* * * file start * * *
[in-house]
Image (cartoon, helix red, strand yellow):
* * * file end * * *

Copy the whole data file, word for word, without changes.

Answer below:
[in-house]
Image (cartoon, helix red, strand yellow):